• Hindle from "Kinda". It's clear pretty early on that he's not very mentally stable, but then he gets worse...and then he rigs up those explosives...
    • The Silurians of "The Hungry Earth"/"Cold Blood", specifically the military caste and their commander Restac, due to an unintentional incursion. This apparently gives them the excuse to attempt to start a war despite numerous protests that they don't need to.
  • Doug Anthony All Stars: DAAS Kapital: Psycho Bob, a psychopathic American Serial Killer with a fixation on Tim.
  • Father Ted has Tom, who loves killing animals (he's not a hunter, he just... loves killing animals), has robbed a bank because (he says) he couldn't be bothered making a withdrawal the normal way, and is probably only the second-most-violent character in the show because unlike Father Jack, he doesn't appear in every episode.
  • Les Filles d'à côté; In her final appearance on the show, housemate Magalie receives an unexpected bequest from a relative: Red Indian regalia. Apparently, she is part-Apache and these belonged to an ancestor. She considers the abominable Marc whilst weighing the tomahawk thoughtfully. Just for a moment, you wonder if Magalie is contemplating a crime passionelle with the ax. French courts tend to treat these things with sympathy, and her Abhorrent Admirer has been pursuing her for a year. And now she has an ax in her hand...
  • Firefly:
    • River Tam may or may not qualify. Her main violence has been against bad guys; though she's attacked fellow crewmates in the past but has not done so with enough force to kill. Still, it's enough to freak out more than a few people who are not familiar with her history and motivations for violence.

      Particularly memorable is the scene in "Ariel" where she slashes Jayne's chest with a butcher knife because he was wearing a Blue Sun T-shirt, and because he would later try to turn her and her brother Simon into the Alliance for the reward money. With her psychic abilities, she most likely sensed something stab-worthy about him.

      In The Movie, she singlehandedly slaughtered an army of Reavers.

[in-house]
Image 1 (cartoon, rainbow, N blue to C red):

• Axe Craziness is the hat of the Reavers. As Zoe puts it in the pilot episode, these cannibalistic once-human horrors will "rape you to death, eat your flesh, and sew your skin to their clothing — and if you're very, very lucky, they'll do it ...In That Order."
  • The Flash (2014): Jesse James, the Trickster. While plenty of the Flash's enemies aren't exactly sane, the Trickster doesn't cause chaos and death as part of any grand plan, or for money, like the others - he's just doing it because he finds it fun. Notably, the comic book version of the Trickster isn't Ax-Crazy, but the show's version is largely an Expy of The Joker. (He's even played by Mark Hamill, who's voiced the Joker a fair number of times.)
  • Game of Thrones:
    • Ramsay Bolton, even after being somewhat toned down from the books, still manages to be one of the most frightening examples ever.
    • Gregor Clegane, often called 'The Mountain,' is sadistic, freakishly strong, and brutal in his attempts to sate his bloodlust, with a dangerously short temper and utter lack of regard for long-term consequences. There are a plethora of examples to list that show just how crazy he is. The list includes burning off half his brother's face when they were kids, killing a woman's children then raping and murdering her with their blood still on his hands, trying to kill a jousting opponent he lost to and his own brother when he interfered in the fight, personally picking out which war prisoner would be tortured to death each day in Harrenhal, murdering prisoners as part of his exercise routine, murdering every Northen captive in Harrenhal before leaving as a final "fuck you!" to the Stark army, even though the nobles that could have been ransomed for money, without caring about the fact that he is setting a precedent and the Starks could very well retaliate by executing their far more numerous Lannister prisoners. Also according to his younger brother Sandor he once "killed a man for snoring." This is taken Up to Eleven in later seasons when he becomes a pseudo-undead monster that can rip a man's head off with little effort.